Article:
Port: Now that the election over, the Fargo's city commissioners decide to behave like adults

The only question we, the public, are left with is why the commission, but for reasons of petty local politics, couldn't have been reasonable in May?

An empty dirt lot with a sidewalk running past it.
Construction debris has largely been cleaned up on the site where townhomes are to be built just east of The View apartment complex near North Dakota State University. Fargo City Commissioners harshly criticized Roers president Jim Roers for failing to build the townhomes as agreed by the end of 2021. Photo taken Monday, May 16, 2022.
Archie Ingersoll / The Forum

MINOT, N.D. — Back in May, with hotly contested mayoral and city commission races on the ballot, the Fargo City Commission raked Roers Construction over the coals after the company requested an adjustment to their tax increment finance deal with the city.

With Mayor Tim Mahoney looking on, commissioner Dave Piepkorn threw a tantrum , repeatedly accusing company owner Jim Roers (who is also a Republican state senator) of being a liar.

That Rep. Shannon Roers-Jones — who serves in the state House as a Republican and is also legal counsel for her father Jim's company — was one of Mahoney's opponents for mayor shouldn't be overlooked.

What Roers was seeking was an adjustment to the timeline of the TIF deal.

His company hadn't yet built a promised row of townhouses to serve as a screen between other commercial and denser residential development and the single-family homes in the Roosevelt neighborhood. Roers blamed traffic congestion at the site, as well as the unusual circumstances of the pandemic and spiking construction costs, which is not unreasonable. He wanted more time to complete the construction and also payout on the TIF deal for the parts of the project that were completed.


But for the looming election, and the political interests of those on the commission (Piepkorn, too, was running for re-election facing a large field of challengers), an accord between Roers and the city would have been easy to reach.

These sort of adjustments are made all the time.

"Kevin O'Leary had a point when he compared North Dakota's economic policies to Minnesota's, but in making it he made our state seem small and petty."
"A Sanford employee on a committee chaired by a Sanford-funded politician moved to reconsider a bill so that another Sanford-funded politician could make an amendment a Sanford lobbyist asked for."
"Even if Trump is convicted in the criminal justice system, it's not going to matter in the political system until Trump's supporters care about the honesty and integrity of their candidate."

In fact, just a couple of weeks after the election, the city quietly made adjustments to a TIF deal made with the developers working on the site of an old Kmart store. The developers will now only be building about half of the affordable housing units they planned , but the city agreed to keep the TIF deal with the developer unmodified.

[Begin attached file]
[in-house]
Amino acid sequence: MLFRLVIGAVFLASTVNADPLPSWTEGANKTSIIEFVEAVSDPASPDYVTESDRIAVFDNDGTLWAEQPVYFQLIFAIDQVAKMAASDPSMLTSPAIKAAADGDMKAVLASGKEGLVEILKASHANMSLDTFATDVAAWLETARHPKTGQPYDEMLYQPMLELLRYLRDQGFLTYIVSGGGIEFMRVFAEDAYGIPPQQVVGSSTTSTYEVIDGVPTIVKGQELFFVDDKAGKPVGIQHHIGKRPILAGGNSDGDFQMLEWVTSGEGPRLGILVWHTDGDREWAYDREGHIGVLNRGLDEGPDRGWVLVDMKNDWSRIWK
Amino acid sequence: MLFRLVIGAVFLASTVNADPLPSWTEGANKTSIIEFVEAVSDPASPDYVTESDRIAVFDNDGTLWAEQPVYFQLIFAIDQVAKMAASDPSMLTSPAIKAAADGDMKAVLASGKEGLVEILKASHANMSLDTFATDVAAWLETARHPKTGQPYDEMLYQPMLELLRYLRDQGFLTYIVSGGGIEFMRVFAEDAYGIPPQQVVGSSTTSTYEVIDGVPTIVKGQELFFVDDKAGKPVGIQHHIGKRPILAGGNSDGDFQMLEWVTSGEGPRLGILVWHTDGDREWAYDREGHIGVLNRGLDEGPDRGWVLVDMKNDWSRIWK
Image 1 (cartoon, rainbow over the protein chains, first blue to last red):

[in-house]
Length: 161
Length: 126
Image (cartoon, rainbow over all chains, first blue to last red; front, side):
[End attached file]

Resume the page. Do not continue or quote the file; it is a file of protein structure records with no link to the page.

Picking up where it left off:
This was not an unreasonable decision, given the circumstances, and the city managed to do it without subjecting the developer to a political struggle session .

Even Mr. Roers and his company have now reached an accord with the city.

Roers pretty much got what he was looking for, which was more time to complete the project , and again the agreement was reached without any childish meltdowns from city commission members.

What changed between May and August?

The only variable this observer can identify is the June election.


In May, both Mahoney and Piepkorn needed an issue on which they could grandstand and a boogeyman they could demonize, and the fact that the boogeyman they chose just happened to be the father of Mahoney's most serious challenger was the cherry on top of this sundae of self-serving spectacle.

The city ultimately made the right decision with regard to this development. They gave Roers more time to complete the project because his request was reasonable and justified. They also included accountability measures to help ensure that further delays are avoidable, and those too are reasonable.

The only question we, the public, are left with is why the commission, but for reasons of petty local politics, couldn't have been reasonable in May?

It was politics, my friends, and that ought to worry the good people of Fargo, including those with business before the city commission. The people currently in charge of the city clearly aren't afraid to use the power of local government to punish political opponents.

Opinion by Rob Port
Rob Port is a news reporter, columnist, and podcast host for the Forum News Service. He has an extensive background in investigations and public records. He has covered political events in North Dakota and the upper Midwest for two decades. Reach him at Click here to subscribe to his Plain Talk podcast.
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